|ESPN.com: Marc Stein||[Print without images]|
The race to sign Andrew Bynum appears to be unfolding at a slower pace than Bynum hoped.
The 26-year-old became a free agent Thursday night after clearing waivers, but the latest rumblings on the league's personnel grapevine suggest that more teams are backing away from the idea as opposed to gambling on the talented but undependable 7-footer.
Sources told ESPN.com on Sunday that the Los Angeles Clippers, long presumed to be one of Bynum's primary suitors, are leaning against the prospect of signing the enigmatic former Los Angeles Laker.
ESPN.com reported Thursday that the Brooklyn Nets (after losing Brook Lopez) and Atlanta Hawks (after losing Al Horford) were likewise planning to pass on the idea despite their clear need at center, with sources subsequently adding that the Oklahoma City Thunder are not preparing a bid on Bynum in the wake of the recent trade that shed the contract of Ryan Gomes to take the Thunder nearly $2.3 million away from the luxury-tax threshold.
Teams with a known interest, sources said, include Dallas and New York, but both of those suitors, like the Clippers, are restricted to offering a minimum salary. Bynum, meanwhile, is said to be looking for an offer above the league minimum to recoup more of the $6 million he lost when Chicago waived Bynum immediately Tuesday after acquiring him in a trade for Luol Deng.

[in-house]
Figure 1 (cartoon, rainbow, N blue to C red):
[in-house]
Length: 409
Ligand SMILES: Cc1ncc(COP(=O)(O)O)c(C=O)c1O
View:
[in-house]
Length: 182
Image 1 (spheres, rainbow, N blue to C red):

Sources said Sunday that the Indiana Pacers are also among the original eight teams to have expressed exploratory interest in Bynum, but it remains to be seen whether Indy's involvement progresses to the point of a formal offer.
Sources say the Pacers, to this point, have not made an official offer and are interested in Bynum more as a measure to keep him away from Miami than they actually want to test the limits of their treasured team chemistry by adding such a wild card halfway through this championship-or-bust season.
The Miami Heat were widely considered co-favorites in the Bynum hunt -- along with the Clippers -- as soon as the injury-riddled big man became a free agent. Miami still has its taxpayer midlevel exception of nearly $3.2 million available to chase Bynum, but how much of that the Heat are willing to spend is another source of uncertainty given their luxury-tax situation.
ESPN's Chris Broussard reported last week that Bynum's decision will be based on playing time, playoff prospects and the money being offered by the teams that lodge formal bids.